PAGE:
The next issue I have is the Summer 1976 issue and again, it’s obvious the other fish are being relegated to the bench. They continued with a couple striper articles but that was it. Good for bass anglers but not for the all-around angler who first signed up a couple years earlier.
Then comes the Summer 1977 issue. Besides the gorgeous cover by artist Tom Windham, this issue has another surprise lost in the issues I don’t have. Looking at the table of contents you see the usual articles about bass fishing and a sole article on ocean fishing for Mahi Mahi. Then there’s a tournament section.
Then you turn to the masthead. At the middle of the left column, you see Sonny Mahan, Tournament Director. Some time between the summer of 1976 and Summer of 1977, American Angler started a tournament circuit. The obvious issue this would have been announced in would be the Fall issue to let members know of the new circuit. So now American Angler is now in competition not only with B.A.S.S. but with American Bass Fisherman and others. It’s my thought that John Fox, who’d been kicked out of the B.A.S.S. events convinced the brass at American Angler to start the new trail.
By the Fall 1977 Issue the magazine had turned into a full-up bass magazine – and honestly, a good one.
The magazine continued in its quarterly distribution through what appears to be the Winter 1978 issue Vol 5 No 1. W. O. “Bill” Roberts is still the president and publisher of the magazine with earl Golding still the editor. John Fox is still a contributing editor.
Then my magazines skip to the September-October 1978 issue. They have gone back to a bi-monthly schedule sometime in the middle of 1978. But that wasn’t the surprise.
I opened that issue to the contents page and was amazed to see this issue was Vol 5 No 2. I looked at the masthead and John Fox was listed as the president and publisher with Earl Golding still the editor. John Fox had purchased American Angler. The cover of this issue had gone back to a photograph, and they had done away with Tom Windham’s artwork, which lasted at least three issues, maybe up to five issues.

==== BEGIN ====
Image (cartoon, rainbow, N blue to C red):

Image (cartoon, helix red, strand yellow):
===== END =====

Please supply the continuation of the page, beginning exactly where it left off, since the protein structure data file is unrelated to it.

The other change in the magazine was it had gone from perfect binding to stapled binding and the page count went from 100 pages to less than 90 pages. The magazine was still a quality rag, but there were signs that something wasn’t quite right.
From here the magazine was printed again in December 1978 (Vol 5 No 3), February-March 1979 (Vol 6 No 1) and April-May 1979 (Vol 6 No 2), which, according to Clyde Drury’s Books of the Black Bass, was the last issue.
At this point American Angler was purchased by Dewey Yopp of National Bass Association, which we wrote about a couple months ago.
That is the story of American Angler Magazine regarding its short life. Over the coming months we’ll be taking a deeper dive into these magazines to show you how well put together they were. You’ll be amazed at who was fishing their circuit and the ads within the pages are ads that I have only seen in this magazine. It’s exciting for those of us who track the history of bass fishing by examining old ads.
As for the complete set of magazines, I have pieced together what I think is the publication order for the rag over the years it was published. In BOLD are the issues I do not have. If anyone has any knowledge where I can find the missing issues, please contact me below in the comments. If you’re not willing to part with them, maybe we could borrow them to scan and share with the Bass Fishing Archives community.
- November-December 1974 – Volume 1
- January-February – Unknown if this exists
- March-April 1975 – Volume 2 Number 1
- May-June 1975 – Volume 2 Number 2
- July-August 1975 – Volume 2 Number 3
- September-October 1975 – Volume 2 Number 4
- November-December 1975 – Volume 2 Number 5
- Winter 1976 – Volume 3 Number 1
- Spring 1976 – Volume 3 Number 2
- Summer 1976 – Volume 3 Number 3
- Fall 1976 – Volume 3 Number 4
- Winter 1977 – Volume 4 Number 1
- Spring 1977 – Volume 4 Number 2
- Summer 1977 – Volume 4 Number 3
- Fall 1977 – Volume 4 Number 4
- Winter 1978 – Volume 5 Number 1
- September-October 1978 – Volume 5 Number 2
- December 1978 – Volume 5 Number 3
- February-March 1979 – Volume 6 Number 1
- April-May 1979 – Volume 6 Number 2